What are the main symptoms of Klippel-Feil syndrome?
Specific health problems present in Klippel-Feil Syndrome (KFS) often are different from one individual to another and all of the symptoms may not occur in one person. However, all forms of KFS share the main feature which is fusion of at least two of the seven neck bones in the spine (cervical vertebral fusion) that happens before birth. In the most recent classification system by Clarke, individuals with KFS are divided into groups based on the way the condition runs in the family (or not), the lowest level of cervical vertebrae that are fused, and health issues seen in addition of the fused cervical vertebrae.
Class 1 KFS is defined as individuals with fusion at the highest of the C1-2 cervical vertebrae, a very short neck, and recessive inheritance of KFS through the family.
Class 2 KFS is defined as having the highest level of fusion of the C2-3 cervical vertebrae and an autosomal dominant pattern of inheritance of KFS through the family.
Class 3 KFS, has fusion between any of the cervical vertebrae except C1-2, no other medical issues related to KFS, and finding of recessive inheritance of KFS through the family.
Class 4 KFS includes mainly females who have fusion of any cervical vertebrae, Duane syndrome (unusual eye (ocular) movements including limited or absent horizontal eye movements, retraction or "moving back" of the eyeball into the eye cavity (orbit) upon attempting to look inward, and, in some cases, crossed eyes), and/or hearing impairment that is present at birth.
Overall, signs and symptoms of any class of KFS may include:
- fusion of at least two of the seven neck bones in the spine (cervical vertebral fusion)
- very short neck
- low hairline at the nape of the neck
- chronic head pain and headaches
- kidney malformations
- heart malformations
- webbing between some fingers and toes
- missing or fused ribs including cervical ribs
- unusually formed bones in the head, neck,face, and joints and limbs including arms, hands, legs, knees, hips, feet.
- cleft palate
- underdeveloped shoulder blades
- one shoulder blade higher than the other (Sprengel's deformity)
- scoliosis (abnormal spinal curvature sideways)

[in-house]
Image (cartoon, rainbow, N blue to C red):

- kyphosis (abnormal spinal curvature of the back)
- inability of the spinal column (vertebrae) to maintain its standard shape and function during daily activities (vertebral instability) leading to other symptoms such as chronic head and back pain, unusual load and stress on the spine and parts of the body compensating for the weight, and/or nerve compression.
- chronic musculoskeletal pain related to nerves, bones, joints, muscles.
- torticollis (tightened neck muscles on one side that leads the neck to twist to one side, causing the head to tilt.
- cervical dystonia (painful condition in which your neck muscles contract involuntarily, causing the head to twist or turn to one side.)
- generalized dystonia (involuntary muscle contractions that are not limited to a single muscle group or half the body, but may affect all four limbs, as well as the face, neck and spine. However, certain areas may be spared.)
- laryngeal dystonia (a chronic voice disorder characterized by momentary periods of uncontrolled spasms of the muscles of the voice box (larynx).
- hearing loss
- limited neck range of motion
- incomplete closure of some vertebrae (spina bifida occulta) with or without Tethered Cord Syndrome (a neurological disorder caused by tissue attachments that limit the movement of the spinal cord within the spinal column. )
- leg weakness
- unusual formation of internal female reproductive organs in girls such as Müllerian agenesis (also known as Mayer-Rokitansky-Küster-Hauser syndrome) or duplicate reproductive organs (uterus).
- inability to control urination (urinary incontinence)
- underdeveloped vertebrae (hemivertebrae)
- limited or absent horizontal eye movements,
- retraction or "moving back" of the eyeball into the eye cavity (orbit) upon attempting to look inward
- misalignment of the eyes or "crossed eyes" (strabismus)
- Duane syndrome (an eye movement disorder present at birth characterized by horizontal eye movement limitation [a limited ability to move the eye inward toward the nose , outward toward the ear, or in both directions)
- facial asymmetry
- mirror movements (a disorder of motor control in which purposeful movements started in one arm or leg are copied by the other)
- internal organs such as the heart located on the other side of the body (Situs inversus)
- an intentation or dip in the middle of the chest (pectus excavatum)
- syringomelia (the development of one or more fluid-filled cysts in the spinal cord)
SOURCE: Emory University - Department of Human Genetics in collaboration with ThinkGenetic • https://www.thinkgenetic.com/diseases/klippel-feil-syndrome-109938/symptoms/66925 • DATE UPDATED: 2019-07-26
Klippel-Feil Syndrome, NORD, https://rarediseases.org/rare-diseases/klippel-feil-syndrome/
"Isolated Klippel-Feil syndrome" Orphanet, https://www.orpha.net/consor/cg,i-bin/OC_Exp.php?Lng=GB&Expert=2345
"Wildervanck syndrome", NORD, https://rarediseases.org/rare-diseases/wildervanck-syndrome/
Klippel-Feil syndrome 1, autosomal dominant; KFS1, OMIM, https://omim.org/clinicalSynopsis/11810